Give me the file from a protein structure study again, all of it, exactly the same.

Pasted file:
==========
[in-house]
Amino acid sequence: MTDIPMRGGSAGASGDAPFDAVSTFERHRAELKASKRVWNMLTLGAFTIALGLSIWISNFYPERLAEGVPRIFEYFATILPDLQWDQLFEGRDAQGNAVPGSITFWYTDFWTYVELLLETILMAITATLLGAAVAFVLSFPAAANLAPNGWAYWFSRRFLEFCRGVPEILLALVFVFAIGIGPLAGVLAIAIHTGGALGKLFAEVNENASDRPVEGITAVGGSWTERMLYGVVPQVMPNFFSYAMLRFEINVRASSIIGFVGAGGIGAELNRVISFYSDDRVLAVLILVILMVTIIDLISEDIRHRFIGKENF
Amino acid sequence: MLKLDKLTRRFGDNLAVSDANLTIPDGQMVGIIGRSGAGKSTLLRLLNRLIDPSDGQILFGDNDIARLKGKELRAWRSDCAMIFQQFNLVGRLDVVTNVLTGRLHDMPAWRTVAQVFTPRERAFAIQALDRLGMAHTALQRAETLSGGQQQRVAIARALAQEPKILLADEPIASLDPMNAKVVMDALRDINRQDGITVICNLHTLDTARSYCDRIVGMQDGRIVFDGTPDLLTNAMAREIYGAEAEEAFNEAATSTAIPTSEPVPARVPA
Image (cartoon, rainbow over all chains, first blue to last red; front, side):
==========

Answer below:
[in-house]
Amino acid sequence: MTDIPMRGGSAGASGDAPFDAVSTFERHRAELKASKRVWNMLTLGAFTIALGLSIWISNFYPERLAEGVPRIFEYFATILPDLQWDQLFEGRDAQGNAVPGSITFWYTDFWTYVELLLETILMAITATLLGAAVAFVLSFPAAANLAPNGWAYWFSRRFLEFCRGVPEILLALVFVFAIGIGPLAGVLAIAIHTGGALGKLFAEVNENASDRPVEGITAVGGSWTERMLYGVVPQVMPNFFSYAMLRFEINVRASSIIGFVGAGGIGAELNRVISFYSDDRVLAVLILVILMVTIIDLISEDIRHRFIGKENF
Amino acid sequence: MLKLDKLTRRFGDNLAVSDANLTIPDGQMVGIIGRSGAGKSTLLRLLNRLIDPSDGQILFGDNDIARLKGKELRAWRSDCAMIFQQFNLVGRLDVVTNVLTGRLHDMPAWRTVAQVFTPRERAFAIQALDRLGMAHTALQRAETLSGGQQQRVAIARALAQEPKILLADEPIASLDPMNAKVVMDALRDINRQDGITVICNLHTLDTARSYCDRIVGMQDGRIVFDGTPDLLTNAMAREIYGAEAEEAFNEAATSTAIPTSEPVPARVPA
Image (cartoon, rainbow over all chains, first blue to last red; front, side):